The Environmental Protection Agency (EPA) evaluates and registers (licenses) pesticides to ensure that they can be used safely. These pesticides include products used in the mosquito control programs established by states and communities. To evaluate any pesticide, EPA assesses a wide variety of tests to determine whether a pesticide has the potential to cause adverse effects on humans, wildlife, fish and plants, including endangered species and non-target organisms.
Officials responsible for mosquito control programs make decisions to use pesticides based on either an evaluation of the risks to the general public from diseases transmitted by mosquitoes, or on an evaluation of the nuisance level that communities can tolerate from a mosquito infestation.
Mosquito control officials select specific pesticides and other control measures that best suit local conditions in order to achieve effective control of mosquitoes with the least impact on human health and the environment.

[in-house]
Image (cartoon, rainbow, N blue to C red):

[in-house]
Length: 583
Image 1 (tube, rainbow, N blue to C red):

Based on these criteria, Boulder County Public Health has determined Permethrin to be the appropriate mosquito control product for use in Boulder County.
Permethrin, a man-made version of Pyrethrin which is derived from plants in the Chrysanthemum family, is used as a last resort, and only when nuisance threshold values have been exceeded.
Nuisance threshold values (mosquito numbers above 100 per trap) are determined by trapping adult mosquitoes in annoyance areas. Permethrin is applied using a method known as ultra-low volume spray (droplet size calibrated to 12-20 microns) so that an extremely small amount of product is applied over a large area (at less than 0.007 lbs/acre ~1 oz/acre).